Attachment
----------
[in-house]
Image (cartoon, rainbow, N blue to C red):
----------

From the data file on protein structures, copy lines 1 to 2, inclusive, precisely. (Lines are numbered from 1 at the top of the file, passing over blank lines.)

[in-house]
Image (cartoon, rainbow, N blue to C red):